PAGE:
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  • Writer's pictureAbhishek Anicca

Im/personal Intimacies

As a young adult, I loved being on the stage. I was on the stage during the morning assembly, giving high pitched speeches or reading thought for the day, or being Santa and struggling with my fake beard. Yes, I was that person. Being on stage was a source of much needed validation for my always fledgling self esteem. I was a chubby little kid whose life was in constant turmoil, waiting to fall apart on cue. Waiting for the next bad math score. Stage was the only time I wasn't really thinking. I was free. I was just performing.

Decades later, much has changed. I don't have to worry about my next bad math score. Disability has been a lesson in humility and the impermanence of validation. The falling apart is more dramatic but less consequential. Being on a stage though, is still very liberating. Perhaps more liberating than it ever was.

As any performer will tell you, the high of a performance and the total calmness that follows it is one of the most meditative things that one can experience in life. My biggest fear these days as a performer is that my body will fail me on stage. My disabled, very unpredictable body will fall apart and I wouldn't know how to handle it. But something happens on stage. A special kind of energy surges from within. Time and Space shrink. It doesn't matter who is watching you, where you are, how hot it is (which it was). It might sound pretentious to say this but I feel everytime I am on the stage I am performing for the universe. People in the room don't matter and yet it is these people that you establish some level of intimacy even without meaning to. It's a beautiful relationship that can be only preserved if you never meet again outside of a performance.

The energy that performances give you generally lasts a few days and you use that high to create other intimacies. I was in a new city, Kochi and I wanted to use that energy. Disability takes much of the adventure out of everything though. You have to google what places are accessible, hotels that are welcoming. But once you go beyond that, you are ready for an adventure. If only for a few days, you want to take risks, walk and fall all over the place, get in an autorickshaw and drive around the city aimlessly.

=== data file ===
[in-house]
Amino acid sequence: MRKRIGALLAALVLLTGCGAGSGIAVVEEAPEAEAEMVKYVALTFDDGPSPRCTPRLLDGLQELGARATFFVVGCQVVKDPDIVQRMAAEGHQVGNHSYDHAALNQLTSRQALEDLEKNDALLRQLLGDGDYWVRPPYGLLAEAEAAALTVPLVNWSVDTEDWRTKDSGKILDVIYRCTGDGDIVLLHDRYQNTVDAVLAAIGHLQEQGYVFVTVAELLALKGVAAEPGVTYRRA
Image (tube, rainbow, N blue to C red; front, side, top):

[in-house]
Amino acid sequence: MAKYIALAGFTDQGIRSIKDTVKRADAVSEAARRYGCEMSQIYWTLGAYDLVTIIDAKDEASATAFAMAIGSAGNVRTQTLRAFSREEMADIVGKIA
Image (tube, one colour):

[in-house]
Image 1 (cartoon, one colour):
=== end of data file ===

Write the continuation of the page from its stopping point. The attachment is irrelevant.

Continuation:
It's not easy. It was hot and humid. So everyday when I stepped out, all I wanted to do was have ice cream and sit and gaze by the sea. And do nothing else. But what's the fun in that. I had to find new ways to be intimate with the self. Explore. So of course, I went shopping. I went to the Broadway and bought small attars for myself. They keep ready potions of famous brands. Sauvage. Tom Ford. Oud. The stronger versions of oud are very strong for me. I like the ones mixed with fruity mellow notes. I tried them all. On the back of my hand. On the wrist. I was a flower for the day. I went and bought chocolates and dry fruits. I window shopped cakes. I almost bought pajamas that were far too small for my size. Soon, I was tired. I needed a beer.

It's something about being a traveler that makes me go back to a version of the self that no longer exists. I quit drinking a few years ago. There was a time I was big on drinking. I would call myself borderline alcoholic but then I would be disrespecting the beauty of day drinking. The afternoon suroor, as you get higher and then down. It's only when all the dopamine leaves you that you start to hate yourself. I tell people that I quit drinking because of health reasons. It's an easier explanation than telling them that I often used alcohol to cry myself to sleep. I don't want that anymore. Never.

The people in Kochi love their strong beers. Wherever I went I saw people drinking Kingfisher Strong which is kind of unusual these days. A friend said that the reason might be the state’s hesitant approach to giving licenses of hard liquor to restaurants and establishments. Whatever it is, Strong beer takes me back to college hostel days, all night parties and puke soaked cushions. It's not a place I want to return to.

I did let myself go eventually. A rickshaw driver offered to take me to Kochi Fort and suggested that if I want to drink, I can buy something on the way. It was a strange prospect and for a second there was a cloud over his intention. But soon, we got talking. Half English, half nodding. On our way back, we stopped. I bought him an ice cream. I bought myself a can of beer. It was one of the best drinks I have had, on the back seat of a rickshaw, with the humid air for company. Strong and yet soothing. Although a part of me wanted to make this part of my nostalgia, I was there, present and listening to this stranger who wanted to know everything about my life.

The intimacy that will stay with me though is neither of the performance nor the beer, or the conversation. It will always be about food. My memory stores food like it stores trauma. Always and forever. The tanginess of Alleppey prawn curry at The Grand Hotel, with Malabar Parotta for company. Veg Stew and Appam for breakfast. And fish. Lots of fish. There is something so personal about food that it becomes part of your sense of adventure in a way that nothing else can. After all, it does become part of your body, literally. And who knows, the next time people stare at you, they might just be staring at the Karimeen stuck in your belly. You never know.

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